Yelp Accessibility Leaves a Sour Taste

Yelp is one of the more popular web sites for restaurant reviews. I’ve recently started using it as one of my research tools when deciding where to dine.

 

I’m also a big fan of giving back to the information community on the web. My philosophy is that if you find the info on sites like Yelp of value, you should contribute by sharing your experiences.

 

Recently I wanted to write a review for a restaurant and started by trying to select the star rating. Sadly web site construction here leaves these rating selections very inaccessible to keyboard and screen reader users. Hint, most things that say “roll your mouse over” are a good sign that there’s likely to be an accessibility challenge unless more effort is made to make such a construction accessible. Yelp doesn’t appear to have made this effort.

 

I recognize that even today the vast majority of folks creating web sites do not know about accessibility. I’ve left the folks at Yelp feedback about the issue and suggestions on how to correct it. I’ll consider my first attempt to write a review the appetizer for using the web site and hope with feedback and action from Yelp the sour taste I have today can be replaced with something more palatable and accessible.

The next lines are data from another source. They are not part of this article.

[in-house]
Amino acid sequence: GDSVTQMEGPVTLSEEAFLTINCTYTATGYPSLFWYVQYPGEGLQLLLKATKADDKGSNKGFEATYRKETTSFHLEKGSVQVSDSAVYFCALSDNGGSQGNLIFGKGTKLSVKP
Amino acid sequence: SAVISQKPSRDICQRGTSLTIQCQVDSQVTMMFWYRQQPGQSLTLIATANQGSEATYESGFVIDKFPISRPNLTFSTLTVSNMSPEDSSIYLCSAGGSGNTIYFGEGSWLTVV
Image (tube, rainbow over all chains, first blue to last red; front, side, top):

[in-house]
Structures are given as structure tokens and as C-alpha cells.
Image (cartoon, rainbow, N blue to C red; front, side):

For those so inclined, feedback for the folks at Yelp can be left on their contact page.

2 thoughts on “Yelp Accessibility Leaves a Sour Taste”

  1. Hello Kelly,
    Think this is one those situations where Yelp is getting bigger and bigger, thus having more problems based on it’s popularity.
    Overall, I think there will be a “war” going on amongst all these local listing websites. Google, Yahoo, Bing, Ask, City Search, Merchant Circle, Local.com and 60 others that we have found. All of them looking for the consumer to come to them an post their experiences.
    For the local business and small business this will become quite the nightmare to maintain and manage local listings at various local listing websites.
    As you can imagine a solution already exists for the local and small business. At KillerStartUps a company was recently reviewed providing Local Business Listing Management servers for local and small businesses. You can read up on KillerStartUps perspective of this at:
    http://www.killerstartups.com/Search/smartfindslocallisting-com-be-found-online
    Although, this will be a time consuming effort for the local and small business to manage their local business listing at multiple websites, this is the first time that the Internet is actually helping the local and small business. Hopefully, this business group can be early adopters for a change and embrace the technology so they can benefit sooner rather than later.
    Great discussion here. Thanks.

  2. As the years since accessibility guidelines were first published grow into decades, I grow increasingly cynical. Most web sites are made with DreamWeaver or some other authoring tool, why can’t Adobe et al turn on accessibility checking by default and pester the authors into universal access? Because most accessibility issues can be solved by typing a simple text string, I think the web hackers will do it as they are not trying to discriminate but, rather, are uninformed.

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